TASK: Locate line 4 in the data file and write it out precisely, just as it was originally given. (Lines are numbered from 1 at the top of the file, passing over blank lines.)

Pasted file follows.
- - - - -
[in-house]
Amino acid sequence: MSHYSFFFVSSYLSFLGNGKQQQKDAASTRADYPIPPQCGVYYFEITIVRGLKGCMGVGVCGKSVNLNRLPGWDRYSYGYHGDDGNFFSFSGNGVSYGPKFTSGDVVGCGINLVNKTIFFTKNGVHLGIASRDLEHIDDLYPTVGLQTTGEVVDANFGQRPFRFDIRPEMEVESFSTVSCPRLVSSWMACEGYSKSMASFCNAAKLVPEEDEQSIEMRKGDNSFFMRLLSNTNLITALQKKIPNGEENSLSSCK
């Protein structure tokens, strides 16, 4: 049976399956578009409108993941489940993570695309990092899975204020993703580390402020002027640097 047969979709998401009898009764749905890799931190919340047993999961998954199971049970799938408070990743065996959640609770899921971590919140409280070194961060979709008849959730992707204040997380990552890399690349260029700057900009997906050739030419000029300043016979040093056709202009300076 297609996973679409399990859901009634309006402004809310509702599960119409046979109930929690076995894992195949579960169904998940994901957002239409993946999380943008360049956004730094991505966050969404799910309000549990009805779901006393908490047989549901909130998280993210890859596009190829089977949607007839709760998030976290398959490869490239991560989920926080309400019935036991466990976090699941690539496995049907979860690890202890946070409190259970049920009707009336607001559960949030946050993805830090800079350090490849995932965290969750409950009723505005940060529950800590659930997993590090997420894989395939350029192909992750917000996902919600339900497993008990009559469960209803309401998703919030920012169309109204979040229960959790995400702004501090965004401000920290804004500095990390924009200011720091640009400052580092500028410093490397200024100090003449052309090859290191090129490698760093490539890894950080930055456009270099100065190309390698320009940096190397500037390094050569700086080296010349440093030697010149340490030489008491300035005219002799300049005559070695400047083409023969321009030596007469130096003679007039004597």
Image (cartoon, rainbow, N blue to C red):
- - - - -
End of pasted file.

Image (cartoon, rainbow, N blue to C red):